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    Budgeting should be more than just the P&L.

    The budget process is an opportunity to support strategy with resources.

    Talent and cash are the big two, but they aren’t the only discussions to be had during this process.

    And that is why only creating a pro-forma income statement is not only just part of the conversation, but dangerous when viewed independently.

    This all being said, an income statement based budget should be prepared.

    I prefer zero-based budgeting. It seems obvious that the revenue projections should match the strategy.

    Is it so out-of-the-box to consider expenses the same way?

    Plus, there is the added benefit of being in a position to talk strategy – and implications – with your team. All the way up and down the stack.

    Advocate. Foster buy-in. Gather ideas.

    It is just good hygiene.

    Some non-obvious considerations, that may or may not require board action, include:

    • New customer, vendor, and/or consulting contracts
    • Modifications to employee benefits, or planned equity grants
    • Changes to senior management staffing

    Assuming the income statement budget is acceptable, I suggest a few additional budgets that should be prepared:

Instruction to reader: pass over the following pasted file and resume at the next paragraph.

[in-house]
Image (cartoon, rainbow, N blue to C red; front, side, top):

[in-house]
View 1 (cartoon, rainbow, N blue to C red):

• Working Capital Budget: What are the plans for receivables, inventory, and payables? And what will be the impact on cash?
    • CapEx Budget: What capital expenditures will need to be made? Land? Buidings? Equipment? Technology refresh? Furniture? Vehicles? Intellectual Property? Will any of these expenditures require board votes? And what will be the impact on cash?
    • Financing Budget: What budgets require cash? How much? From where (debt, equity)? Typically these almost always require board votes. And what will be the net impact on cash?

    We’ll spend some time in future posts discussing cash specifically. For now, it is worth considering the full, 360-degree impact of strategy on all aspects of the business.

    Your turn.

    Now go spark that revolution.